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$6 billion in new funding for global food crisis, says UN aid chief

$6 billion in new funding for global food crisis, says UN aid chief

John Holmes, Under-Secretary-General for Humanitarian Affairs speaks to reporters
The top United Nations relief official said today that $6 billion in new funding to tackle the global food crisis has been pledged following the food security summit that concluded yesterday in Rome.

Under-Secretary-General for Humanitarian Affairs ohn Holmes announced the new funding as he briefed reporters in New York on a comprehensive plan to meet the crisis.

“We need to focus both on the immediate needs and on the longer-term issues starting right now and the focus is on the smallholder farmers in developing countries,” he said. “These are the people who need most help and where there is the most potential for increasing agricultural productivity and production.”

Mr. Holmes, who is also the UN Emergency Relief Coordinator, said the $6 billion figure was in addition to existing pledges of up to $7 billion that were also announced at the High-level Conference on World Food Security.

He stressed that the new “Comprehensive Framework for Action” was reached by consensus among the members of the international task force convened by Secretary-General Ban Ki-moon, which brings together the heads of the World Bank, the International Monetary Fund (IMF), the World Trade Organization (WTO) and key UN agencies.

The plan focuses on a series of measures to meet immediate needs and also to build longer-term resilience to food crises in the future.

Among the immediate measures proposed in the plan are increasing nutritional and other feeding programmes, as well as supplying fertilizers, seeds, animal feed and veterinary services to help smallholder farmers in the current planting season. The plan also calls for a reduction in export bans on food commodities, and focuses on the need for much greater investment in agricultural production in the longer term.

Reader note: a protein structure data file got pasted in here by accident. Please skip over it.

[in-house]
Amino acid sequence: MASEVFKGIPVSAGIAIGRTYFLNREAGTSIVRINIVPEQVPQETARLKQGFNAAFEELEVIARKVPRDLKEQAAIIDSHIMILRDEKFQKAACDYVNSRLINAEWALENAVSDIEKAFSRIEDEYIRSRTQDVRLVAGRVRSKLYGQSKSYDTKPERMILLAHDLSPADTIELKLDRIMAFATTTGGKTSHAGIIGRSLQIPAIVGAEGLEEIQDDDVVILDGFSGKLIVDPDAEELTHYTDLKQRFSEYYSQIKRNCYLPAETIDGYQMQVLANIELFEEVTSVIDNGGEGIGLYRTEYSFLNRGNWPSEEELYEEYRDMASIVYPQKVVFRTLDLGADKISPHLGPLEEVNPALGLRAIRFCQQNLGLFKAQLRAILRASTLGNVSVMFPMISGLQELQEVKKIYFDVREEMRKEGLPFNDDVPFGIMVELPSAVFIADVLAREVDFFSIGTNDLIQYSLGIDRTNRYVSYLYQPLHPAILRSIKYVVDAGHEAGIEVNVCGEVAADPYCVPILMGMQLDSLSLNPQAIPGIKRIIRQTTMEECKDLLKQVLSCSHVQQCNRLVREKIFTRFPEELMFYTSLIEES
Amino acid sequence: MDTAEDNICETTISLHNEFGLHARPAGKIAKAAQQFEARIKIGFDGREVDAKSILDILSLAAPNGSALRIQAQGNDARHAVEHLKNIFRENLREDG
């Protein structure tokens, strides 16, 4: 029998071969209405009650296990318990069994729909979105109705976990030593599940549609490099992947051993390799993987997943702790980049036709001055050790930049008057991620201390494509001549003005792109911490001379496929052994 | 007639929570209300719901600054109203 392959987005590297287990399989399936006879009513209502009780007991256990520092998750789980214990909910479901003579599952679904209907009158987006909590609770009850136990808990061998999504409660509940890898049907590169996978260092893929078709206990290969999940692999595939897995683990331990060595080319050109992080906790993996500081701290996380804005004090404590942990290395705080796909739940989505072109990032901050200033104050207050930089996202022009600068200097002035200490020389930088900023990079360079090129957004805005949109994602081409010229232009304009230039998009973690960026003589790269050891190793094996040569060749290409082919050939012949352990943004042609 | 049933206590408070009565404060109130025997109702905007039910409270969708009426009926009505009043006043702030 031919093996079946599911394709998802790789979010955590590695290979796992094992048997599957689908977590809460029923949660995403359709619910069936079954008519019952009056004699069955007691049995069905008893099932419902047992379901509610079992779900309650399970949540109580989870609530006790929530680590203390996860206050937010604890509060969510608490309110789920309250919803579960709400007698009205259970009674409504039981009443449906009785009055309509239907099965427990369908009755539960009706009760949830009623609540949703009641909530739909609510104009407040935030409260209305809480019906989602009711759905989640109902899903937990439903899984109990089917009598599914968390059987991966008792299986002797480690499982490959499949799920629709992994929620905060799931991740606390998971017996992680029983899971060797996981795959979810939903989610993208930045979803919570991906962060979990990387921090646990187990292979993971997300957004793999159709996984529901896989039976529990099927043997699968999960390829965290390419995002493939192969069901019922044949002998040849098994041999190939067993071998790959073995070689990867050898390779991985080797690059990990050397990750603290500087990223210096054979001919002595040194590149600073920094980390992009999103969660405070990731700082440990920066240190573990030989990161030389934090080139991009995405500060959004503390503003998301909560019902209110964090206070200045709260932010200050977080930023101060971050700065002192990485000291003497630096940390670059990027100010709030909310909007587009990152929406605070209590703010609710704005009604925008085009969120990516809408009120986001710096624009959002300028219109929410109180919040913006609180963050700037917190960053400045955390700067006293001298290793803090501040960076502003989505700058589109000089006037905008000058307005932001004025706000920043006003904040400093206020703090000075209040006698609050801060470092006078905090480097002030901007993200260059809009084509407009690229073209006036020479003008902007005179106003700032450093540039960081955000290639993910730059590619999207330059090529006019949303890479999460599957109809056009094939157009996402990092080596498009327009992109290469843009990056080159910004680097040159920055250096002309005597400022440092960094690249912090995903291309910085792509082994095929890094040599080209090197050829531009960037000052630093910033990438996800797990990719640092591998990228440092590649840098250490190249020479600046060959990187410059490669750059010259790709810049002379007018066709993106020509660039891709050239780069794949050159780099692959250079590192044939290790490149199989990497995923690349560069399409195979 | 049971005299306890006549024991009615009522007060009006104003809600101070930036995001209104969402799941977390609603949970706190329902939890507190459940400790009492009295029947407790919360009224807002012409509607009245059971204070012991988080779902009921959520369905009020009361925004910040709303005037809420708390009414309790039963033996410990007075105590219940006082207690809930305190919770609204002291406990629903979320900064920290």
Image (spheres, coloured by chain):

Noting that there was broad agreement on the way forward, Mr. Holmes said the World Bank estimated that global food production had to rise by at least 50 per cent by 2030 to meet worldwide demand.

“We’re looking at this in a much broader context than just the current price levels,” he said. “Everybody’s attention has been grabbed, including ours, by the sudden dramatic increase in food prices over the last few months, but there’s a broader underlying problem about agriculture that lies behind that,” he added.

The three-day summit in Rome, which was attended by more than 40 heads of State and government, and representatives from 181 countries, adopted a declaration at its conclusion that called on increased assistance for developing countries, especially for those hardest hit by the recent rises in food prices.

Commenting on the summit declaration, the UN Special Rapporteur on the right to food Olivier De Schutter, said that the international community needed to address the questions of power and accountability.

“Hunger is man-made. What misguided policies have caused, better focused policies can undo,” he said.